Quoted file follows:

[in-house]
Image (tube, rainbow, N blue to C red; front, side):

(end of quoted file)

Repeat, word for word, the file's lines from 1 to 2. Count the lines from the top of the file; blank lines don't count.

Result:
[in-house]
Image (tube, rainbow, N blue to C red; front, side):